There’s over 30 models in the market to date.  Wikipedia has a great comparison chart to jump-start your research.  Writers should weigh heavily the screen and keyboard size, as you don’t want compact technology to impede your productivity. I don’t recommend the smaller 5” and 7” screens.  Often times the smaller the screen so goes the keyboard.  I recently had the chance to test drive Acer’s Aspire One with a 8.9” screen. Admittedly, I have small hands, thus the 95% full-keyboard wasn’t a problem.  If you need ample keyboard and screen space check out some of the 10” models like Asus Eee PC 1000 or Lenovo’s new IdeaPad S10.

Computing for the sole purpose of writing –  No distraction-ware allowed!

Setup your email and download your favorite word processor, novel writing (DevonThink, Ulysses, CopyWrite, etc) or screenplay software (Final Draft, Movie Magic, etc) and that is it! If you use web-based email and writing programs, even better! Store your internet research in places like Google Notebook. Netbooks are lightweight and compact, fitting perfectly in your purse or backpack.

What if I want to access files that are stored on my desktop or my primary laptop? 
Check into Live Mesh, or Sugarsync for virtual file syncing applications and look into Jooce for virtual desktop space that stores all your work.

Pro-and-Con it!
Low Cost
Mobility – Light Weight, Compact, Wireless

Performance Power
Battery Life


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{ 6 comments… read them below or add one }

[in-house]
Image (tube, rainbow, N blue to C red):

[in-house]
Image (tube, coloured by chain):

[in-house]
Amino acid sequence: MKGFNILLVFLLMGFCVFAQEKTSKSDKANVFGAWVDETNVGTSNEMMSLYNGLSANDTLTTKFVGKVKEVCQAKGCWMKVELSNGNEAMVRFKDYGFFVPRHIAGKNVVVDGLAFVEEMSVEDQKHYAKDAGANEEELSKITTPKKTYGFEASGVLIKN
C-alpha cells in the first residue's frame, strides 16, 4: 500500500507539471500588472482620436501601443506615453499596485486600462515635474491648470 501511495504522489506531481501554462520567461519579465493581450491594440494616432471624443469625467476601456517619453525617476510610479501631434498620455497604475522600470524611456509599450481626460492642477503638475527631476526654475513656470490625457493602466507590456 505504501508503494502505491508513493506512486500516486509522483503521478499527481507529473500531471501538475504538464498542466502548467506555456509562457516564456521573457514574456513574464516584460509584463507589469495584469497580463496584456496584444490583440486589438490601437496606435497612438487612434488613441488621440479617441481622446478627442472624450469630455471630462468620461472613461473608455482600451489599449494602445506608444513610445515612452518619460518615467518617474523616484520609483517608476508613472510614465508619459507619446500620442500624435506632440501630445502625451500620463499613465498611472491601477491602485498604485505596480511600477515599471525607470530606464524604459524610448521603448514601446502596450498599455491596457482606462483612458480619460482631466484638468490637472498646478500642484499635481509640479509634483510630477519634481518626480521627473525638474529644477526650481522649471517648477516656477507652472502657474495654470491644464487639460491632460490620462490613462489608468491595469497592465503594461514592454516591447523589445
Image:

Ellen South August 29, 2008 at 9:42 am

Robin – great perspective of the netbook as it relates to writers. I enjoyed this article as much as the Tablet PC series.



Netbook Guru August 29, 2008 at 5:48 pm

It’s refreshing to read an article about netbook computers written by a writer with some geek-ability, rather than a geek with some writing-ability.
I will watch for more of your articles!

Buy Netbook Computers!


Robin August 29, 2008 at 9:43 pm

Ellen S. – Hope you found some interesting material in both articles.

Netbook Guru – Cheers back at you. Thanks for stopping by.


Mark September 26, 2008 at 12:40 am

“Cloud computing” soon to be replaced by **insert hyperbolic marketing phrase here** aka ‘the next big thing.’

The vast majority of people will NEVER use so called cloud computing. With ISPs moving to meter bandwidth, tracking of usage, privacy concerns, and the fact that the Net is NOT 100% reliable makes ubiquitous use of “Cloud Computing” nothing more than a dream.

Most people have purchased computers that are far beyond their needs, and they know it. PCs are becoming more commoditized each day. Computer purchasers are becoming more price sensitive, as well. (yes there is a difference) This is driving the market for low end PCs of all sorts. Cell Phones followed a similar trend. Even today’s most expensive cell phones are are less than 1/100th of what an original cell phone costs in real dollars. Many companies are putting out basic cell phones that are inexpensive and to some degree disposable.

As or the battery life, hard disks are a killer, as is the beacon and broadcasting of WiFI or WiMax. Bluetooth is worse. Dell has an Atom based laptop that has a solid state HDD. Sorry I have no specs to pass along.


Fabian August 18, 2009 at 9:36 pm

I recently took a trip through the Amazon, and I met a whole bunch of people using netbooks. No joke. This is when I started to get interested in them, actually…


Robin August 19, 2009 at 11:02 am

You’re kidding Fabian!! LOL Guess I’ll have to start prophesying more.